Sit back and relax, folks. We're going to tell you a story. It's about a little ol' king – you may have heard of him – named Henry VIII. You might know him from Showtime's rather sensationalist show The Tudors. But that's a fictionalized version. Shmoop will give you the real scoop.
In the early 1500s in England, Henry VIII was the man. He was king, he had six different wives, and he stayed in power for almost thirty-eight years. His first wife, Catherine of Aragon, failed to give him a son (and heir), so he defied the church and got a divorce (technically it was an annulment). He then married Anne Boleyn, but didn't like her attitude and her failure to produce a male heir, so he had her executed for incest and high treason. (Are we seeing a pattern?) Then Henry married Jane Seymour, who died during childbirth. After Jane, he married Anne of Cleves, but he got sick of her and had that annulled, too. Next up was Catherine Howard; she cheated on him, and – wait for it – he had her executed. Finally, he married a wealthy widow named Catherine Parr, to whom he was married when he died at the age of 55. That's a lot of wives. Got all that?
Unfortunately, Henry VIII was not exactly the ideal husband. He cheated on most of his wives, often with women that eventually became future wives. Henry, however, wasn't the only guy engaging in such behavior, and here's where Thomas Wyatt, and today's poem "They Flee from Me" come in.
Indeed, there were lots of men in the early English Renaissance who had affairs with unmarried women. In those days, people weren't supposed to have sex until they got married, but this didn't stop people from doing it. We can't prove it, but it's a fair assumption that Thomas Wyatt (sometimes called Thomas Wyatt the Elder, to distinguish him from his son) was one of these men. At the very least, he certainly knew men like this, because as it turns out, he was a member of Henry VIII's court. At one point, he was even imprisoned, after being accused of having an affair with the Queen, Anne Boleyn. The charges were later dropped, so we'll never know what really happened.
In any case, Wyatt's poem, which was published in Tottel's Miscellany in 1557 (after his death), tackles this subject of sex out of wedlock, from the point of view of a speaker who's quite familiar with the practice. Through the perspective of this speaker, "They Flee from Me" reflects on the sexual culture of Henry VIII's court and the early Renaissance more generally. In the poem, a gentleman considers all the sexual conquests of his past (with particular focus on one unique encounter), and then wonders why it is these previously eager women no longer visit him.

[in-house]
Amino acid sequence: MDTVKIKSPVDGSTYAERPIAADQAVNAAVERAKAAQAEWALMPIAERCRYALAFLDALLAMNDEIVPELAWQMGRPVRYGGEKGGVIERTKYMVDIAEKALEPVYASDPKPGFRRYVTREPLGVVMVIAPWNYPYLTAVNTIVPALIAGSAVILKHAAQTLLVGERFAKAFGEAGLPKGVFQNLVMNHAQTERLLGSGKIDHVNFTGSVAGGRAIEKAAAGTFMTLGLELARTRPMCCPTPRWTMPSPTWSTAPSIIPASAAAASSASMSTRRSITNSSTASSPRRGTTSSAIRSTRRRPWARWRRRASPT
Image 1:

Usually, this kind of love poetry focuses on guys chasing and seducing women. In those poems, men have the power, and women are at their mercy. But in Wyatt's poem, this relationship gets turned around and muddled up, leaving our speaker at the mercy of these women.
In general, women were the real victims in these situations. The consequences for having sex outside of marriage were far worse for them – just look where Catherine Howard turned up (headless, in an unmarked grave). But in this poem, the speaker comes off as the victim. He is puzzled, wounded, and upset. Wyatt's exploration of a wounded man's feelings is definitely unique, and that just might account for the poem's enduring popularity. It's striking to see a Renaissance man in a position of sexual vulnerability. Plus, it raises all kinds of questions about gender roles, sexual politics, and even love. Sounds juicy, huh? It is.
Have you ever had the yips? Say you're really great at baseball. Every time you step up to the plate, you knock one out of the park. Or at least nab yourself a base hit. But then one day, you wake up in the morning, and something doesn't feel quite right. When you get to practice that day, and step up to the plate, you just can't hit the ball, no matter how hard you try. You've got the yips, friend – the curse of athletes everywhere. Actually, it can happen to all of us. We're really good at something, anything, and then one day we just can't hack it anymore. We keep coming up short.
Well, the speaker of "They Flee from Me" has definitely got the yips. Only in his case, he's got them in the romance department. Once a great seducer, with too many girlfriends and too little time, he's now all alone. None of these ladies are interested in him anymore. He just can't seem to get a date. A lot of what the poem examines is the total bewilderment that happens after he realizes he doesn't have it anymore.
This inexplicable change of fortune is a very real feeling for our speaker, and it's one we can all relate to. Whether our best friend has suddenly given us the cold shoulder, or we can no longer sink a putt, we've probably all had the yips in one way or another. So we can all understand our speaker's desperate need to find out why. Unfortunately, sometimes, there's just no answer to that question.